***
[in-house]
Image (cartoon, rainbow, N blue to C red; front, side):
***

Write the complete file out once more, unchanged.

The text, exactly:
[in-house]
Image (cartoon, rainbow, N blue to C red; front, side):